So things continued till the catastrophe arrived by which Khorasan was over whelmed with ruin, with evil all-destroying and with desolation.  Now, I declare on my life and by Allah that it was a country beautiful in all its parts, charming in all its regions; a fertile garden enjoying an air pure and languishing mild, and in which the trees inclined their branches with delight at the singing of the birds.  In it the rivulets shed tears whilst each flower smiled at the other; the breath of the zephyr was sweet and the temperature of the climate healthy.  Never shall I forget those delightful arbors and those trees sinking under the weight of their foliage. The southern gales bore thither its wine-skins filled with the liquor of the clouds; the meadows drank the wine of the dew, and on the flowers were formed drops like pearls fallen from the string…It is, in a word, and without exaggeration, a copy of Paradise: there was to be found all the heart could wish for, all that could enchant the sight.  Encircled with its noble endowments, it offered, throughout all its tracts, a profusion of rich products to the world.  How numerous were its holy men preeminent for virtue!  How many its doctors whose conduct had for motive the conservation of Islamism! The monuments of its science are inscribed on the rolls of time; the merits of its authors have redounded to the advantage of religion and of the world, and their productions have been carried into every country…

The people of infidelity and impiety [i.e., the Mongols] roamed through those abodes; that erring and contumacious race dominated over the inhabitants; so that these palaces were effaced off  the earth as lines of writing are effaced from paper, and those abodes became a dwelling for the owl and the raven: in those places, the screech-owls answer each other’s old friends who enter there are filled with sadness; Iblis [the Devil] himself would bewail the great catastrophe… We belong to God and to God we shall return!  It was an event sufficient to break the back, to destroy life, to fracture the arm, to weaken the strength, to redouble sadness, to turn grey the hair of children, to dishearten the brave, to blacken the heart, and to stupefy the intelligence.  Then did your humble servant turn back and retrace his steps. Filled with grief, he sought a friendly retreat where his mind might repose in security.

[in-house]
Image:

It is an impressive letter, filled with the anguish of one who has barely escaped a conflagration.  But history will remember him for his Dictionary of Countries, the rough draft of which was completed in 1224.  He died without having had the chance to revise and polish the work; it nevertheless remains a masterpiece of geography and ethnography produced at a time when Europe was accomplishing nothing of importance in these disciplines.  His biographer, Ibn Khallikan, closes his account of Yakut’s life with a sentence of understated but moving poignancy:

In the beginning of the month of Dhu Al-Kaada, 626  [September 1229], I arrived at Aleppo for the purpose of pursuing my studies. This was subsequent to Yakut’s death; and I found every one speaking in his praise, extolling his merit and his great literary acquirements.  It was not therefore in my destiny to meet with him.

Ibn Khallikan had arrived in Aleppo too late to meet the great man.  But the glory of his deeds was on the lips of all.  He learned of him through his deeds, and these have graced the halls of the Immortals.

Read more in On Moral Ends: